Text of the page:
Nuns of the global Missionaries of Charity Order, founded by Nobel Peace Prize winner Mother Teresa, take part in a thanksgiving mass at Mother House in Calcutta, India, on Oct. 19, 2003.

DESHAKALYAN CHOWDHURY/AFP/Getty Images

Many of the world's religions bestow special status on people who demonstrate a life of almost perfect virtue. Religions differ on the title assigned to these people. The Catholic church calls them saints.

The process by which someone becomes a saint is called canonization. The Catholic church has canonized around 3,000 people -- the exact number is unknown because not all saints were officially canonized. According to the church, the pope does not make someone a saint -- the designation of sainthood only recognizes what God has already done. For centuries, saints were chosen through public opinion. In the 10th century, Pope John XV developed an official canonization process.

Canonization has been revised in the past 1,000 years, most recently by Pope John Paul II in 1983. Pope John Paul II, who canonized some 300 people, made several procedural changes to the canonization process, including the elimination of the "devil's advocate" from the review process. The devil's advocate was the person designated to attack the evidence offered in favor of canonization.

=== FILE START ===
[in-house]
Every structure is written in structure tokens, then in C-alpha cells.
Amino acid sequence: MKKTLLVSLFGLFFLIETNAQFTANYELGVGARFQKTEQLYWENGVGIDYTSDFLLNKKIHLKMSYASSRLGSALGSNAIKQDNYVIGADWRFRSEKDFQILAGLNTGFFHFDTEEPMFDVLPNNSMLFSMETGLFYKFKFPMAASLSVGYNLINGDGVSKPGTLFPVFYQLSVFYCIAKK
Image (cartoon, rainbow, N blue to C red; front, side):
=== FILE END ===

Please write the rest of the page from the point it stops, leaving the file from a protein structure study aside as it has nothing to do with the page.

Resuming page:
The process of becoming a Catholic saint is lengthy, often taking decades or centuries to complete. The canonization process has been in the news off and on over the past few years, primarily because of the movement to make Mother Teresa a saint.

Soon after her death in 1997, Mother Teresa's followers began pressing the Vatican to waive the rule that prevents the process of canonization from beginning until five years after a candidate's death. This rule has traditionally been used to allow for a more objective look at a person's life and achievements. In 1999, the pope did waive the five-year rule, allowing the canonization process to begin.

To read about the specific steps in the canonization process, go to the next page.